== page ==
Bob O’Dell wasn’t quite sure what he was looking at. It was 1992, and he had just got his hands on new images from the Hubble Space Telescope that zoomed in on young stars in the Orion Nebula. O’Dell had been hoping to study the nebula itself, an interesting region of star formation relatively close to Earth. Yet something else caught his attention. Several of the stars didn’t look like stars at all, but were instead enveloped by a dim shroud. They seemed to form a “silhouette against the nebula,” said O’Dell.
At first O’Dell and his colleagues thought they might be seeing an image artifact resulting from Hubble’s warped primary mirror, which had been molded ever so slightly into the wrong shape and would be fixed by a space shuttle mission in 1993. “We really wondered if this was a residual effect of the flawed primary mirror,” said O’Dell, who had been Hubble’s project scientist. Soon, however, they saw more and more of the phenomena in the images, even after the mirror was fixed, and realized it wasn’t a flaw at all. They were actually seeing infant disks of dust and gas surrounding young stars. They were, for the first time, witnessing the birth of planets.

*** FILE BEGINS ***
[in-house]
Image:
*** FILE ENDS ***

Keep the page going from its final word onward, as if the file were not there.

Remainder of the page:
O’Dell’s discovery of protoplanetary disks sparked a transformation in our understanding of planet formation. In the following decades, astronomers would realize that our classical idea of how planets form — small rocks clump into bigger rocks, which then clump further — might not be correct. For the gas giants, such as Jupiter and Saturn, a model called pebble accretion, where a dominant object gobbles up smaller rocks — would come to replace the old views of how such monstrous worlds come to be.
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